Helping Children Through Grief
As soon as possible after the death, set
aside time to talk with the child.
Give the child the facts as simply as
possible. Do not go into to much detail; the child will ask more questions if they
come to mind.
If you can not answer the child's
questions, it is okay to say, "I don't know how to answer that, but perhaps we can
find someone to help us".
Use the correct language, i.e.,
"dead","murdered", etc. Do not use such phrases as "S/He is
sleeping", "God took him/her to heaven", "S/He went away", etc.
Ask questions. "What are you
feeling?", "What have you heard from your friends?", "What do you
think happened?", etc.
Discuss your feelings with the child,
especially if you are crying. This gives the child permission to cry too.
Adults are children's role models, and it is good for children to see our sadness
and to share mutual feelings of sadness.
Use the deceased's name.
Talk about a variety of feelings, e.g.,
sadness, anger, fear, depression, wishing to die, feeling responsible, etc.
Talk about the wake/funeral, explain what
happens, and ask the child if s/he wants to go. Include him/her, if possible.
Talk with the child about your family's
spiritual beliefs, including what happens to people after they die.
Talk about memories of the deceased, both
good and bad.
Read to the child about death.
There are many good children's books available.
Read a book about children's grief so you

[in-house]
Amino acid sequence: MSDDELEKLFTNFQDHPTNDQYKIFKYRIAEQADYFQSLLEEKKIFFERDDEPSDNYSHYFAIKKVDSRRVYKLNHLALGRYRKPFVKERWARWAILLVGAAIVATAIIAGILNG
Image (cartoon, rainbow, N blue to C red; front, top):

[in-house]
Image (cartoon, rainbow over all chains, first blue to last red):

have a better understanding what your child is experiencing.
Help the child write a letter to the
Help the child keep a diary of his/her
Invite your child and his/her friends,
school mates, family members, etc. to plan a memorial for the deceased.
Discuss rumors, media reports, etc., with
the child so that s/he can clarify information regularly.
Be alert for reports or observations of
"bad dreams". Talk about them with the child. Dreams are sometimes a
way to discharge stress.
Be alert for behavioral changes in your
child. If they concern you, seek professional help.
Understand your child's level of
comprehension and speak at that level.
It may take some time for your child to
understand the concept, "gone forever", especially if s/he is very young.
Your child may think that s/he caused the
death because s/he had been thinking bad thoughts or had been angry with the deceased just
before the death.
The sudden and unexpected death of a
peer is especially difficult for a child to comprehend; children tend to feel